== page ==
at Bedlam Theatre, Saturday 18th August 2012

*Written for http://www.stagewon.co.uk. Published here: http://stagewon.co.uk/news/view/edinburgh-uninvited-review-august2012/*

Having followed the work of Fat Git Theatre since their inception, I’ve done a lot of thinking about the company and their work. At first, they seemed to be offering absurdity and madness in a disjointed world as a way of offering a respite from our hectic everyday lives. As time has worn on, however, it’s become clear to me that it’s not that simple; by incorporating grotesque performance style with narratives which are played out fairly conventionally, Josh Roche and his company are doing something pretty radical, presenting complex ideas accessibly.

Uninvited (which, for the record, I first saw during its preview stage in June), is adapted from a novella by Peter Mortimer and sees a man (called Me) have his life torn apart by the unexpected arrival of a stranger in his house (Him). That’s basically it, but through the use of humour and the implementation of Bouffons, Roche manages to make the story utterly compelling for the full hour.

The production is performed in a way which makes the strange familiar and the familiar strange, as the stranger is the most normal person in the play, and the Bouffons, in the shape of moving wallpaper, are truly disconcerting, eyeballing us in a way which is both terrifying and hilarious. The absurdism of the narrative is heightened by this performance style, which forces us to think about the characters and their situations carefully rather than just sit back and enjoy. It necessitates cognition.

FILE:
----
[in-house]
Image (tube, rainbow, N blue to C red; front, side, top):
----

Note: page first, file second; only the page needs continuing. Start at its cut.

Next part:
In the process of these thoughts, it comes to light that Uninvited is a careful look at the concept of property and the importance placed on privacy in the twenty-first century. We hide behind our beige curtains, unwilling to communicate, as a result of being told for years that our home is our castle (“what’s a man without his mortgage?” questions a Bouffon, acting as conscience of both protagonist and audience). The suggestion is that, if we live like this in our closeted homes, only tragedy can follow.

This careful portrait of home life, set in “a modern, somewhat arboreal suburb”, is achieved through a gloriously imagined design by Rosie Bristow, like the world viewed in a hall of mirrors. The man’s clean, ordered house is slowly peppered with crumbs and drops, only small intrusions, but enough to demonstrate that return to ‘normality’ is impossible.

As when I first saw the piece in June, I’m still dubious about the somewhat nihilist and arbitrary ending, and I’m not sure the scenes with the Madeira Cake Lady (charmingly played by Amy Tobias) or the Window Cleaner (a calmly indignant Tom Dale) add much to the plot or the point, but they are nonetheless extremely well executed. These moments are also innovatively supported by Matthew Wells’ soundtrack, which uses found objects to create music which alarms and delights.

Roche extracts universally strong performances from his cast. Josh Goulding and Joe Boylan create good opposition as Me and Him; the former talks a lot and is constantly flustered, while the latter is mostly silent and still. It is Edward Davis, Emma Jane Denly and Kate Pearse as the Bouffons who steal the show, however, with witty improvisation and hugely watchable facial contortion.

Uninvited is by no means perfect, and I’m sure the company still have their best work to come, but it is a wonderfully absurd piece of tragicomedy which asks questions about the public and private self, and the way in which we view our home. Featuring some high-end performances and smart writing, it proves that, no matter what, Fat Git theatre will go on to do great things.


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